Today it’s nothing but a dilapidated pile of old lumber in the middle of a wheat field; so far off the road in fact that it takes binoculars to even see it there. We locals don’t even notice it anymore and neither would anyone else were it not for the few trees and old windmill nearby. It was an old shed with a small grainery in one corner; the kind where you would shovel loose grain into the room and keep adding boards in the doorway as the level of the grain rose. There was once a house trailer there too that was the first home of some friends of ours when they first married. But to us the place will always be known as the vulture nursery.
Several years ago I was told that a pair of turkey vultures had nested in the old shed for years. We slipped back there that evening, and sure enough, in the very corner of the little grainery room was a female vulture firmly planted over two eggs. Turkey vultures are most necessary to our environment and are part of God’s dead-animal-cleanup crew. They are the most amazing birds to watch as they soar effortlessly on the rising thermals, and they possess a digestive system so sophisticated and iron-clad that they can eat even diseased carcasses without harm. Yet, in spite of all their merits, they are contenders for the homeliest creature God ever made.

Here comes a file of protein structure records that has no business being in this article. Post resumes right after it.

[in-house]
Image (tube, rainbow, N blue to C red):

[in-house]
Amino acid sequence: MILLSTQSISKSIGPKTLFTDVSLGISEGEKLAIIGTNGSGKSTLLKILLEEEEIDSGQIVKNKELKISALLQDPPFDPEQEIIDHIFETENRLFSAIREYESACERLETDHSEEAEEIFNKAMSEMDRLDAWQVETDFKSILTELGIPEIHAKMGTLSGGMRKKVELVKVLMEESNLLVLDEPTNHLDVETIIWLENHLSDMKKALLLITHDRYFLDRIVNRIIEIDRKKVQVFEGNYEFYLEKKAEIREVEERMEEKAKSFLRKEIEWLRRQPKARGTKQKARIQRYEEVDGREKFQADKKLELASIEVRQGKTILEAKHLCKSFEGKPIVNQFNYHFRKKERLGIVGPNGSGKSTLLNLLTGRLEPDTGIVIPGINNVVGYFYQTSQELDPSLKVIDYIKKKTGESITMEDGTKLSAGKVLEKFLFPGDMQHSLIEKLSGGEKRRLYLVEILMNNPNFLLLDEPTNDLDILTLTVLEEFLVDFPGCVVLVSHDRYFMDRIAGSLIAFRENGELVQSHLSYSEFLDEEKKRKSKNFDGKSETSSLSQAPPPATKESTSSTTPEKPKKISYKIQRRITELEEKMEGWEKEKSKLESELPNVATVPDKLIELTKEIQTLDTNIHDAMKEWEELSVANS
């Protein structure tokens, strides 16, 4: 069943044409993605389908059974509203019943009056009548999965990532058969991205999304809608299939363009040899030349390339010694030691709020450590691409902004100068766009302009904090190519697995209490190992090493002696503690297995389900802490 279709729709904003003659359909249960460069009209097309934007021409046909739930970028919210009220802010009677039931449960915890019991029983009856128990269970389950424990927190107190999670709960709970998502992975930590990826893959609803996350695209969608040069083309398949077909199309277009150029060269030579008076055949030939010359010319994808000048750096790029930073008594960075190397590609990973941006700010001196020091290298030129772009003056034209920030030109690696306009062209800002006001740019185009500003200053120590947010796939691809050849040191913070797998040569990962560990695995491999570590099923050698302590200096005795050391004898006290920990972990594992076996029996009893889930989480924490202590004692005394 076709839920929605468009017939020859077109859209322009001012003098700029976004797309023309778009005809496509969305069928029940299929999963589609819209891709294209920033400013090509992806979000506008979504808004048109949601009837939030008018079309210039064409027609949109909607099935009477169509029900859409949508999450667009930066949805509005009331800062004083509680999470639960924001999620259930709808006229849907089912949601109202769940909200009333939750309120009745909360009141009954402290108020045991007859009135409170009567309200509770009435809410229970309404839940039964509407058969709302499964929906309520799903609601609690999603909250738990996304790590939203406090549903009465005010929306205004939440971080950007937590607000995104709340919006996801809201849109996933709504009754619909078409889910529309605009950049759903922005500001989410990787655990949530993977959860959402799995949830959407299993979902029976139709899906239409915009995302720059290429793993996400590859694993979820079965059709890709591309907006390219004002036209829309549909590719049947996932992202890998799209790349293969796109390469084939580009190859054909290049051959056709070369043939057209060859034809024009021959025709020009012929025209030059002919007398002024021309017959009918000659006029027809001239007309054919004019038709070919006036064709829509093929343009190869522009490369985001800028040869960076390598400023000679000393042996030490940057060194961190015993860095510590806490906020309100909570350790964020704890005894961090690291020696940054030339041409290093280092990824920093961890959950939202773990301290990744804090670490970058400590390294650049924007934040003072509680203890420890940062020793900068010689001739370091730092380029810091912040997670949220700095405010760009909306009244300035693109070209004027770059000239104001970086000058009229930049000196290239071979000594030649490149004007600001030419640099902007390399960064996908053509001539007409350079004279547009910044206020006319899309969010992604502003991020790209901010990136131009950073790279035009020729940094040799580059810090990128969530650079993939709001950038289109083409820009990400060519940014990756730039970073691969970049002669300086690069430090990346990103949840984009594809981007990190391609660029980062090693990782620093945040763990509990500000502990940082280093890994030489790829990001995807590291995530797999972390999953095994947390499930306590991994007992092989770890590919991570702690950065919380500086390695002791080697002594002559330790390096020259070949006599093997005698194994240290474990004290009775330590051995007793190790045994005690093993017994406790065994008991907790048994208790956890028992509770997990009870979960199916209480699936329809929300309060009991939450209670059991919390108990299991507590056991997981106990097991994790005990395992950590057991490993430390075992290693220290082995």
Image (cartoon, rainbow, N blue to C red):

With an old board we were able to gingerly lift one corner of mom vulture that night to see the two eggs beneath her, and she didn’t seem to mind much. Baby vultures begin life in the most humble surroundings imaginable. The old shed was on its last leg even back then. The only way inside was to squeeze through a small opening in one end, then clamor over and around stacks of old lumber to get to the grainery in the opposite end, all the while listening to the partially-collapsed roof above you creak and groan as you went. The nest was flat on the floor amidst mud and vulture droppings from past years.
We paid regular visits to the old shed that year and watched the process unfold. Soon there were two pure-white balls of fluff that soon grew into two feisty vulture chicks that stood back-to-back and hissed at us each time we were able to view them without mom around. Then one day the nest was empty, but as we searched the sky, suddenly there they were roosting on top of the old windmill outside watching us from their new and better vantage point, while in the sky and always close, soared mom and dad.
No vultures have nested in the old shed now for years; its total collapse left the grainery in the far corner accessible from all sides, exposed to predators and the elements and I don’t think they feel secure there anymore. If only the old shed could talk and tell us about all the grain that was unloaded there, shovel-by-shovel over the years. And about all the kids that played within its walls and climbed in its loft. And yes, even about all the turkey vultures born and raised there. Continue to Explore Kansas Outdoors!
Steve can be contacted by email at email@example.com